Viognier: Wine styles and taste

Surprisingly for an aromatic grape variety, Viognier’s main use is as a co-fermentee (i.e. grapes blended to undergo fermentation together) of Syrah in the Rhone (e.g. in Cote Rotie) and inspired Australia to do the same with its Shiraz. In a surprising twist of chemistry, the presence of Viognier actually intensifies the ruby colour of the resultant wine, rather than thin it out. The Anthocyanins (responsible for red grape colour) combines with the flavonoids found in Viognier to boost its colour. The taste of Syrah is however is mellowed by the Viognier, and the wine receives an aromatic booster.

As a single varietal wine, Viognier can definitely hold its own. To “research” this article, I procured two bottles of Viognier. Old World: 2017 Condrieu “La Doraine” by E. Guigal and for the New World, a 2011 Viognier from Gimblett Gravels of Trinity Hills (New Zealand).

The style of wine it makes is intensely perfumed (caused by the high levels of Terpenes, aromatic compound), regardless of producer or region. In both of my wines, I was enveloped in notes of apricot, pear, toasted apple (like an apple tart) and floral aromas. In the new world example, the notes of oak and vanilla were significantly more intense than the old world Condrieu I had. Acidity is on the low side for both, and alcohol will be high due to the naturally high sugars in Viognier grapes. The grapes are not harvested earlier to reduce sweetness because the famed aromatics typically develop late, and would not be present in wine otherwise.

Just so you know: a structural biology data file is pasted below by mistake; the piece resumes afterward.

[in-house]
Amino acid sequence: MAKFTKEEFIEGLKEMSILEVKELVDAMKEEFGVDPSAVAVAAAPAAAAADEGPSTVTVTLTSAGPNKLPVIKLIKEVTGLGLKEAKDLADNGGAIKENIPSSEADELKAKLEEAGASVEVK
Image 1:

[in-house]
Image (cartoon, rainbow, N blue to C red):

Viognier is not known to age for long in bottle – the fruity and floral aromatics quickly fade if not drunk within the first 10 years.


The most famous producer of Old World Viognier is undoubtedly Château-Grillet, which is a monopole (i.e. belongs to one owner) vineyard, and is incidentally also an appellation unto itself (and at 1.6 hectares, one of France’s smallest). However, this wine is priced similarly to top second growths of Bordeaux (in fact, the Chateau is owned by Chateau Latour of first growth Bordeaux fame) , so I am unlikely able to try it anytime soon. Thank goodness, most Viogniers are more reasonably priced around $30 SGD to $120 SGD. Other top producers in Rhone include Guigal, Georges Vernay, Christophe Pichon and more.

Viognier: Table of Facts & Figures